Film review – Taken (2008)

Liam Neeson plays Bryan, a former US spy who has to single-handedly save his estranged teenage daughter from an international sex-slave cartel after she is kidnapped while holidaying in Paris. Chances were that Taken was not going to be a good film. Writers Luc Besson (who also produced) and Robert Mark Kamen had recently collaborated on the scripts for The Transporter films and Bandidas, and director Pierre Morel was the cinematographer on The Transporter and Danny the Dog.

A degree of implausibility is inevitable in action films but Taken is beyond ludicrous. Characters are one-dimensional, the dialogue is trite and even the action scenes are bland. Taken is the opposite end of the spectrum from the masterful Bourne films.

But even worse is the film’s regressive message that virginal American girls should not go abroad as bad men from the Middle East and Eastern Europe will ravage them. Bryan’s lack of concern towards all the non-American girls being held captive is extremely worrying but not as much as the scene where he is completely vindicated for sadistically torturing a suspect. Neo-cons will probably love Taken but everybody else should avoid.

© Thomas Caldwell, 2008
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16 Responses to Film review – Taken (2008)

  1. Ryan says:

    this review is shallow

  2. Are you sure you don’t mean that the film was shallow? I thought my review got to the point quite succinctly without wasting too much time.

    You are most welcome to elaborate.

  3. Ernie says:

    Shallow, yes, and objectionable if you are looking at it as some kind of morality play – but come on – the intention is to make you gasp at just how outrageous Liam Neeson can be in the pursuit of his daughter.

    **** Spoiler Alert ******

    Didn’t you sit up and say, “Holy #$%*! Did he just do that?” after he shot the French agent’s wife at the dinner table? Just like booze and cigarettes are bad, this film is bad, but a guilty pleasure.

  4. Hi Ernie. You are right, it is simply a guilty pleasure so perhaps it should simply be considered as such. But in my case the offensiveness of the film was too overwhelming for me to ignore. The fact that I’ve stumbled across a few online discussions where people have regarded Taken‘s depiction of human trafficking and sexual exploitation seriously does suggest that there is a problem. But, I suppose that’s not the fault of the film itself, but the fault of audiences who aren’t aware that an action film is not a documentary.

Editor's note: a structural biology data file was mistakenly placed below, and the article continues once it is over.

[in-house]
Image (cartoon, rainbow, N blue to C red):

I guess a big problem I had was that I couldn’t get into it even simply as an action film. I just found it all a bit clumsy and limp. Also, I like my bad-ass vigilante characters to have more style and charisma than what Liam Neeson’s character had. I found him to be annoyingly pompous and I also couldn’t have cared less for his idiot daughter who behaved like a spoilt 8-year-old.

    Spoiler warning

    As for the scene you mentioned, yes, it was a nice moment of sheer audacity and kickassness. But, I also couldn’t help thinking, “You’ve got to be kidding. Even the French police are bad guys? Who apart from Americans are not villains in this film?”

    Spoiler finished

    Anyway, it seems like an obvious thing to say, but it all comes down to personal taste. Taken came and went in Australia with not many people paying much attention to it but it seems to be a hit in the USA. Go figure.

    Just for the record, I think Eastern Promises was far more sensitive in the way it used the theme of forced prostitution to tell a broader story. And as for films that actually deal with the horrible issue of sexual trafficking directly, I highly recommend the Swedish film Lilja 4-ever and the Australian film The Jammed.

  5. roger steppe says:

    I’m 53, tired, and don’t have much time to waste on a news story that does not quickly get to the point. This film was a news story told by a reporter from WASP redneck paper of the bible belt in America. The sociological assumptions and perspectives are made from that point of view. I do agree with your analysis that it is arrogant. However, Liam can wack a guys head against the car with the force needed to kill him whereas Matt Damon just doesn’t possess the same believable force. Your surprised at Americans interest in the film to be greater than the Aussies? Common, 911 pissed off Americans something fierce!